The best part of the movie was still Clyde's brilliant plans on exacting his revenge. While trying to show Rice that he shouldn't bargain with criminals, he managed to eliminate a lot of people who had something to do with his case. It wasn't just about the killing, it was about toying with the mind and emotions of the people. He didn't kill people just to kill people, I thought. He killed to get on the nerves of the people he hated, and send them the message. That was, I thought, pretty genius. It also didn't hurt that the film captured the great moments of his almost flawless plan.

Law Abiding citizen is my favorite Gerard Butler movie. I haven't seen 300 but I'm pretty sure I'd still like Law Abiding Citizen more even after watching it. That's how much I liked it. It's the kind of movie I would still appreciate 10 years down the road because it had a strong core, and a stronger cinematography. It was just perfect. This movie had one of the best memorable endings, one that tied the knots and gave an exceptional movie a proper goodbye.

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July 25, 2012

American Mall

American Mall was a musical TV film released in 2008. It starred Nina Dobrev and Rob Mayes, with Autmn Reeser, Bianca Collins, Neil Haskell, David Baum. Al Sapienza and more. It was written by several writers and directed by Shawn Ku. The film produced a few singles after its initial broadcast.

The story follows the life of the employees in American Mall who got intertwined by their passion for music. As one would expect in a musical, there were a lot of song and dance numbers, some of which were really good. It also involved a love story, which I thought was a little too much. I get it, movies like these need the love story arc. But the way it developed was too much and to be honest, a little bit dragging. Good thing Nina Dobrev was still able to demand attention, and my attention was just focused on her.

This was the first movie, or anything really, I saw Nina Dobrev in. Right from the get-go I wished she'd have more movies because not only did I find her incredibly stunning, she also had a great, inviting voice. Now she's the lead of one of the more successful TV shows currently on air, The Vampire Diaries. The way she registers in front of a camera is already a sight to see, but hearing her sing was just a treat for my ears, and myself in general. I'm glad she's enjoying her success now, which I actually hoped for upon watching America Mall.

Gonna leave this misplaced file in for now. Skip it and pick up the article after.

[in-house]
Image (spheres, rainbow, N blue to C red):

Rob Mayes was a different story. I just didn't think he matched the passion being solicited by Dobrev. He could have done a lot more to be present in the movie. He just fell flat on some of his scenes, not being able to project the appropriate emotions. He did have a great voice though and he nailed every single song he did. However, everything else just failed in my opinion, especially since he's standing next to the awesomeness that is Nina Dobrev.

The members of the supporting cast were the most entertaining, particularly Neil Haskell and David Baum. Incidentally, they were also phenomenal in all of their numbers, both singing and dancing. Bianca Collins was another one that I thought stood out. These three brought life to the movie, and made the dull moments tolerable. They were exciting and I looked forward to seeing what they would do next, and what performances they would next tackle. If they ever make a sequel (though that is highly improbable), I hope they'd stick with these three and Nina Dobrev, of course.

It didn't have the best ratings, and not everyone liked. I liked it for the most part, but even I must admit that there were some completely unnecessary parts. Some parts were really impressive, some not so much. However, I would say that I did enjoy most of the songs. I liked majority of the songs they wrote for this movie, and thought the songs actually coincided with the movie's plot.

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Despicable Me

This will be a short one as I'm running late to work but I wanted to post something. So I apologize. I'll try to edit this one when I get back home. Hopefully, that's fine.

For sure a lot of you have seen the trailer for Despicable Me 2 but for now let's take a look at how it all started. Despicable Me was a 2011 comedy animated movie starring Steve Carell, Jason Segel, Russell Brand and more. It's about the life of a villain who got caught up in what matters most in life.

It was a little boring at the beginning but it really became a lot more interesting after the first 20 minutes. It became increasingly entertaining and freaking hilarious. Well, after all, it did star Steve Carrell. From that point forward, I really started enjoying it, and as each second passed, the movie became funnier, and at the same time a little touching. It had an amazing story line, and the way it translated to the screen was even more impressive. It's also, I thought, unique to have a self-confessed villain to be the protagonist. That's a change I welcomed.